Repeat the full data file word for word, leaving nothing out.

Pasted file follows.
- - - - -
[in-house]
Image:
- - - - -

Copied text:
[in-house]
Image: